Well, that was a mind-blowing trip. Not necessarily someplace I would have put on my run-to list but being in Italy it is easy to zip around, so Poland it was. We arrived in Warsaw in time for a big memorial celebration commemorating August 1, 1944’s uprising against you-know-who, Hitler and pals. A little before 5:00 pm we walked down to the square in Old Town (which isn’t so old as it was bombed to bits but rebuilt to look old). At precisely 5:00 p.m. the city “stops” wherever one is; sirens scream, smoke bombs sizzle and impromptu singing begins to commemorate the exact time the uprising took place. It was so much more moving than I expected. I had recently read a book “We Were the Lucky Ones” about a Jewish family in Warsaw and what happens to them (all true) during the war. A little later, it seemed as if all of Warsaw marched past our windows, singing, chanting, holding flags, followed by a lot of policja. All very orderly I might add. Then a few hours later there was patriotic singing in the square behind us with a huge mob of people. Feeling safer in a crowd in Europe than I do in America, sadly.
Weird Polish info: they love fresh lemonade and make many varieties, watermelon, mint, lime, cucumber. Their vodka is smooth and cheap. Though most drinks including water is served warmish. The food is cheap! Chopin was born in Poland, his body is buried in Paris, his heart interred in Warsaw. His sister smuggled his heart out in (supposedly) a jar of cognac, hidden under her skirts. I wonder if my brothers would smuggle my heart in a bottle of Dom Perignon – not that I’m going anywhere.
Auschwitz-Birkenau, two killing camps. Very little words about this experience except two things; they had on display a child’s jumper and shoes – probably for a two- year-old – and my youngest of my little people said “But that’s tiny. They killed babies?” and the other horrific thing that I have never read about (and I’ve read a lot) was the standing cells. My husband alone would take up the size of the space allotted. They were tiny walled off cells, where one enters by crawling – I don’t even know how – from the ground into this dark closet-type space (oh I’m getting claustrophobic and emotional just imagining it) with three other prisoners where they were all forced to stand in the dark, walled up all night (possible for many nights on end) to be released in the morning to work in the fields and then forced to crawl back in. Some sick shit.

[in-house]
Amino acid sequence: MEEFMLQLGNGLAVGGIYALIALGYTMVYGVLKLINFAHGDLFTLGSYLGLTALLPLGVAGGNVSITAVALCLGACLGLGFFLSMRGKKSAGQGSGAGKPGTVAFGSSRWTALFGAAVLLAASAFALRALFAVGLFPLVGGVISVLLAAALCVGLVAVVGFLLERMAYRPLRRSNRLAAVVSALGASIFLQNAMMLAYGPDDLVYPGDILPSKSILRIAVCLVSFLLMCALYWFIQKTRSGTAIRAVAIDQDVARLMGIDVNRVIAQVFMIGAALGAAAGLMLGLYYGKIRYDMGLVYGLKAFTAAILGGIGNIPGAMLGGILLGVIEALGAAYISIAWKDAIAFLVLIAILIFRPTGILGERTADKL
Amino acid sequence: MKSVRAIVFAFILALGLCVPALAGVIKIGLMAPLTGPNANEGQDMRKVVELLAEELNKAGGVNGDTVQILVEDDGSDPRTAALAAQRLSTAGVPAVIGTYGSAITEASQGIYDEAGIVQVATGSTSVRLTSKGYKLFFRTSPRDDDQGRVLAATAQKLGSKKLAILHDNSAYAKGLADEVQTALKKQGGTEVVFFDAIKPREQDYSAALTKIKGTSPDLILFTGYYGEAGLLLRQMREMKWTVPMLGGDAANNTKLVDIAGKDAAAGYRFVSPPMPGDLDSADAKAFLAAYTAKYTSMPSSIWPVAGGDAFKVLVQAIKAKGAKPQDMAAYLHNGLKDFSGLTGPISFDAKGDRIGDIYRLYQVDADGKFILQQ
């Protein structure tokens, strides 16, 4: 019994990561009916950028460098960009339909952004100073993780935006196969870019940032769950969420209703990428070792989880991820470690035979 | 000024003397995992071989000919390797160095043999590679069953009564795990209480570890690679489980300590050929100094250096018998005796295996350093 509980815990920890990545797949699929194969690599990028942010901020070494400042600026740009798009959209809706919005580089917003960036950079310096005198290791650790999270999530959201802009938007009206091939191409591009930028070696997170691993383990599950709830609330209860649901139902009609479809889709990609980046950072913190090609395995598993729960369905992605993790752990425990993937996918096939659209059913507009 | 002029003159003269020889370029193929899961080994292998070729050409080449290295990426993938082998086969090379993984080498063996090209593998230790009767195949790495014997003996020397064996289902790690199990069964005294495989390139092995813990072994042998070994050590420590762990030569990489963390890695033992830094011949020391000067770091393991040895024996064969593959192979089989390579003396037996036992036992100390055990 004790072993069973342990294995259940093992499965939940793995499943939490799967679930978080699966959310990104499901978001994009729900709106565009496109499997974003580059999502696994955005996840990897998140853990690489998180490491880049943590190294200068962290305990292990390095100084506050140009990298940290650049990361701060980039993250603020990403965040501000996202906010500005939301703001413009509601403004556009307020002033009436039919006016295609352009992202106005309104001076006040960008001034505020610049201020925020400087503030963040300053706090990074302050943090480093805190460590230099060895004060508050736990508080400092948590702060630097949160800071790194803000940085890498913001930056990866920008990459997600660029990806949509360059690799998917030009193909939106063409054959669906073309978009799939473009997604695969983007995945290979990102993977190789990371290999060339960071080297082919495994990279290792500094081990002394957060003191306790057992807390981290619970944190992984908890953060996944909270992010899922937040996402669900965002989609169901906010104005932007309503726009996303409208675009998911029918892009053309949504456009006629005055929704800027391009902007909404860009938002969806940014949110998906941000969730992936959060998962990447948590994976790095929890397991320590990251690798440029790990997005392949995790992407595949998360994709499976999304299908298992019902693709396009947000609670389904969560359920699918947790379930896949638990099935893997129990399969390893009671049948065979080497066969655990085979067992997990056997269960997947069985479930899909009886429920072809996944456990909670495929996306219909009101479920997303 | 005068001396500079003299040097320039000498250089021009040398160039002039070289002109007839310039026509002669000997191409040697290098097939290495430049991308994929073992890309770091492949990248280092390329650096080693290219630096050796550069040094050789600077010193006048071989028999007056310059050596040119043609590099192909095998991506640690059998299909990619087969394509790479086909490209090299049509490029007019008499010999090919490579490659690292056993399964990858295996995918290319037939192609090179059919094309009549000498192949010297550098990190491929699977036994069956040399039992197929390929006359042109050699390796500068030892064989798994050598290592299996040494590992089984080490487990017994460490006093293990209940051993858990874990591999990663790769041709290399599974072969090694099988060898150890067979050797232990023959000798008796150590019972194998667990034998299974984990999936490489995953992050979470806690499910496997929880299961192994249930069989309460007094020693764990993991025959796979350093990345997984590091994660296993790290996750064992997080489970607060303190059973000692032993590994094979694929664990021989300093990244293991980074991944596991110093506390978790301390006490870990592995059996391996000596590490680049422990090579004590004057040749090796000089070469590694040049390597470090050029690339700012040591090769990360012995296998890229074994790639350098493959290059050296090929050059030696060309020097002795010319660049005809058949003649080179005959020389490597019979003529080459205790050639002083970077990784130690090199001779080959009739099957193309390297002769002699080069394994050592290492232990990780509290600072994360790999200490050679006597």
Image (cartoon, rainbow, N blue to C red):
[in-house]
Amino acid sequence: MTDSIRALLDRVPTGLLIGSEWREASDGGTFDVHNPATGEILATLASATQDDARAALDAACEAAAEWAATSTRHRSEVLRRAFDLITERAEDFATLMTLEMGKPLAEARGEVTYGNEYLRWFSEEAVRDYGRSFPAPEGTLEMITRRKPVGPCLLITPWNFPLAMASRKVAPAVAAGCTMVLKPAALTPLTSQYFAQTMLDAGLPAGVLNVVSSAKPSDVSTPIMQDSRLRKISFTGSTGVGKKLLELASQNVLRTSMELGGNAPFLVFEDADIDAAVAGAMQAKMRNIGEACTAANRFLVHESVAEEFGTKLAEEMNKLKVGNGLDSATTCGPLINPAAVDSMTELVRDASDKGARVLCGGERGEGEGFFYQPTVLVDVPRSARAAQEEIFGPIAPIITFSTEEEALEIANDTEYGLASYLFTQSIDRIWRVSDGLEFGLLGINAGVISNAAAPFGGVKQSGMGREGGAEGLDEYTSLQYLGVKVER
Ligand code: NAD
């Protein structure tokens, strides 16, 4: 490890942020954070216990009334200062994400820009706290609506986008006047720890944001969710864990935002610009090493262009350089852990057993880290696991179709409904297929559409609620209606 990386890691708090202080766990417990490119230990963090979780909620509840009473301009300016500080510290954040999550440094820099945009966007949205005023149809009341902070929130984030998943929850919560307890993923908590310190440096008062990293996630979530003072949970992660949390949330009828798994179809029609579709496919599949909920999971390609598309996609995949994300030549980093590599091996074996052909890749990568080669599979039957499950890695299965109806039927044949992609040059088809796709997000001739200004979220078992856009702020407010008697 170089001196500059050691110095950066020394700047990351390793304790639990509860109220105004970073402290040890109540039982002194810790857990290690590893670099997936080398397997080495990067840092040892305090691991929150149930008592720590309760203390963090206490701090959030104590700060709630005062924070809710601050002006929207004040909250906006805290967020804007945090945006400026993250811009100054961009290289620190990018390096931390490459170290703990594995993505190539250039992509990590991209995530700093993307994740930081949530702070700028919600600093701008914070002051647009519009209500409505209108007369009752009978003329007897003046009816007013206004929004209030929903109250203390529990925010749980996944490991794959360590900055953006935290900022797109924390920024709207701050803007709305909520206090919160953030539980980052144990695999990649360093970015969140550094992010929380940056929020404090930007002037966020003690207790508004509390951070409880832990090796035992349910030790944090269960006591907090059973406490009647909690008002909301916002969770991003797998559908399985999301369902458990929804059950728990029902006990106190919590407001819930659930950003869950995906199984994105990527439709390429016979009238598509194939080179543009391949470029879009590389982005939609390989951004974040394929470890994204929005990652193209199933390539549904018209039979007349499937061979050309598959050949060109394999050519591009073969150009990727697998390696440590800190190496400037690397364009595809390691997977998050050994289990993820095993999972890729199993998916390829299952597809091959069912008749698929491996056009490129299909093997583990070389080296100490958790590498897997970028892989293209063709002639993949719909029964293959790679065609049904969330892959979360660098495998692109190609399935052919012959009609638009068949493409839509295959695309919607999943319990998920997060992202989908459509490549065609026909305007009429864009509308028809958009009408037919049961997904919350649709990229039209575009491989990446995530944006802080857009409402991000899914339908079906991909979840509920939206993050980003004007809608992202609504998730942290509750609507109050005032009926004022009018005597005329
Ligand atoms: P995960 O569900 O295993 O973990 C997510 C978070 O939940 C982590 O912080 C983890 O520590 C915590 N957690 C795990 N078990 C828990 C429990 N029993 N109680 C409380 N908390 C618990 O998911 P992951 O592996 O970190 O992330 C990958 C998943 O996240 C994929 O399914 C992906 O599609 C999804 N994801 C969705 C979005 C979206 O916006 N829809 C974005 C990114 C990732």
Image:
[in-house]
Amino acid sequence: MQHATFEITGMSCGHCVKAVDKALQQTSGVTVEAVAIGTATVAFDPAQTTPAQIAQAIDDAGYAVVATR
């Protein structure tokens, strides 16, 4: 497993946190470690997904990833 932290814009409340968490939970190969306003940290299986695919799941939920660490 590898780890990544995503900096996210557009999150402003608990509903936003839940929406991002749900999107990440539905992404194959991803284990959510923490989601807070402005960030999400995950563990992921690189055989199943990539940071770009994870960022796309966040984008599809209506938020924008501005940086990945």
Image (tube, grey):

From “Hot Flashes, Cold Science”
Oh, the things I learn doing research. La ménépausie as it was termed by a French doctor in 1821, a Charles Pierre Louis de Gardanne, who referred to it as “the critical age.” Of course, menopause had been around for much longer, but I’m writing about France and the Second Empire so lets just examine what a woman was up against in those days.
Here are some of the remedies prescribed for menopause; drinking carbonated soda before a meal; acetate and lead injected into the vagina (good times). Even after looking it up I’m not entirely sure what acetate is, but lead? No thank you. A better prescription was opium or morphine (just saying in comparison). Also “testicular juice” was recommended. I’m guessing the doctor supplied said “juice?”
In the 1800s surgeries were first performed on lady bits, some had their ovaries cut out with no anesthesia and little knowledge of the lady bits themselves. Writers Victor Hugo and Emile Zola decried these operations in an effort to have them stopped they were so horrific. To get into the lady bits the speculum was invented, out of all sorts of material, some being glass that occasionally shattered in there.
Though I am not so modern as to be writing about the swinging sixties, one American physician during that time period said about women during menopause, “. . . having outlived their ovaries, they have outlived their usefulness as human beings.” Dick!
TO DO, OR NOT TO DO
Every morning in Italy I would ask myself “How do I want to spend my day?” I definitely want to be by the pool. I have three ish books I want to finish and leave here. I want to use the gym. I want to eat less pasta. I love to do lists. But what about a not do list? As vacay winds down and I know I’ll be back in the throws of errands, kid drop offs, workouts, on and on I think I should make a list of what I don’t want to do. I’m listening to an interesting book “Lost Connections.” The author studied depression and the causes of it, having suffered from it for years and having taken every sort of prescribed medicine one of his and the doctors he interviews suggest is we are happiest doing the things that give us pleasure with no gain. Example playing the piano for pleasure vs. playing the piano to pay your rent in a crummy dive that you hate. How can we turn more hours of out day into what we want to do and not what we have to do? Easier said than done, but something to dwell upon. Luckily, I love love love to write and research, so a great majority of my day is made up of that also.